15 Horror Movies Long Overdue For A Remake

When you hear the word "remake," you likely fall into one of two camps: You reject it immediately, or you're hyped to check it out. In online discourse, there is no in-between. Either way, remakes have long been a staple of horror and continue to be integral to the genre's vitality. For every terrible remake, there have been at least a dozen or so that have excelled in bringing in fresh ideas, jump-starting careers, and allowing audiences to rediscover the original.

If you're a highly-coveted IP like "Halloween" or "Friday the 13th," a remake was and is always inevitable, but what about those low-budget cult classics that deserve a second look? Here we go back into the vaults and examine 15 horror films that are long overdue for a proper remake. A few have been attempted before, while others could be fresh prey on the filmmaking chopping block. For each selection, we also suggest a potential director who could helm the respective project. Buckle up, buttercups!

Frankenhooker (1990)

With a script co-written with Robert Martin, Frank Henenlotter's "Frankenhooker" took the Frankenstein legend, rearranged its parts, and transformed it into an oddball tale about grief and identity. When med school drop-out Jeffrey Franken's (James Lorinz) girlfriend Elizabeth (Patty Mullen) is unceremoniously killed by one of his inventions, he detaches emotionally from the world and plots to bring her back to life.

Jeffrey sketches out plans to build a new body for Elizabeth. During a late-night excursion to an unsavory part of New Jersey, he meets a madame and her group of sex workers. Later, he creates what he calls "super-crack" that results in its partakers spontaneously combusting, and he lures the sex workers to a hotel for the night. He soon realizes the error of his ways, but it's already too late. He bags up the wayward body parts and rebuilds his darling Elizabeth. A modern retelling of "Frankenhooker" could be set within the drag queen world, perhaps even drawing inspiration from Brandon Perras, Michael J. Ahern, and Christopher Dalpe's indie feature "Death Drop Gorgeous." While the 1990 original has become something of a cult classic, it's ripe for a full-on queer makeover. The subtext is already there, now it's time to update it a little bit.

Cat People (1942)

"Cat People" is in a unique position, with the 1942 film directed by Jacques Tourneur arriving during the Hays Code era of Hollywood. A Paul Schrader-directed remake followed 40 years later, featuring Nastassja Kinski, Malcolm McDowell, and John Heard in the cast. Both iterations were largely queer-coded, but it's long overdue for a version of the story that embraces its very clear LGBTQ+ subtext.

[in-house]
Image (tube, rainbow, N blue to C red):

In the original film, Irena (Simone Simon) is a Serbian immigrant to New York City and a talented visual artist. She struggles with past trauma and connecting with other people, but a burgeoning romance with local architect Oliver (Kent Smith) might pull her back from the ledge. However, the tragic enslavement of her home village at the hands of the Mameluks, a race of cat people, weighs heavily on her mind. Throughout the story, she realizes her true identity and comes to embrace it, while everyone in her life vilifies her for it. The story is as relevant today as it was 80 years ago. A modern reimagining might look a bit different, for obvious reasons, with a greater sense of whimsy, emotional urgency, body horror, and triumph. May we suggest the writing team of director Christopher Landon and Michael Kennedy, the dynamic duo behind "Freaky," tackle it next?

Peeping Tom (1960)

It's quite surprising "Peeping Tom" has never been remade. Released in 1960, the film was directed by Michael Powell and competed directly with another cutting-edge horror film that year, Alfred Hitchcock's "Psycho." While the Hitchcock picture was immediately heralded, "Peeping Tom" found itself condemned in the media and Powell's career irreparably damaged. A critic with The Spectator even dubbed it "the sickest and filthiest film I can remember seeing."

Carl Boehm plays Mark, a reclusive film crew member who aspires to make his own movies one day. During his off-hours, he stalks sex workers and murders them, using his own camera to film their last moments alive. Powell builds the story with an incredible amount of suspense, slowly revealing Mark's abusive upbringing at the hands of his father. His story inevitably ends in tragedy when he takes his own life on camera. "Peeping Tom" is a fascinating look into loneliness, obsession, and childhood trauma. In the hands of a filmmaker like Ari Aster or Alex Garland, the story could find deeper, richer layers 一 and some bonkers imagery along the way.

The Burning (1981)

Considering we may never get another Jason Voorhees flick, Cropsy is the next best thing. In many ways, "The Burning" out-competes most (if not all) "Friday the 13th" entries. With a simple backstory about a prank-gone-wrong, the 1981 backwoods slasher is as straight as an arrow. There are no outlandish, unexpected twists, just good ole fashion killing.

Loosely based on the urban legend of Cropsey, the film follows a group of 20-somethings 一 which includes "Seinfeld" actor Jason Alexander as Dave 一 working at Camp Stonewater who find themselves the target of Cropsy's revenge. From the brutal raft massacre to countless stabbings via shears, the low-budget blood feast hits the bull's eye when it comes to what an effective slasher should be, which makes it perfect for a remake. Filmmakers Bartosz M. Kowalski ("No One Sleeps in the Woods Tonight") and Leigh Janiak (the "Fear Street" trilogy) created absolute slasher magic with their work, so imagine what they might cook up if given the chance.

Fade to Black (1980)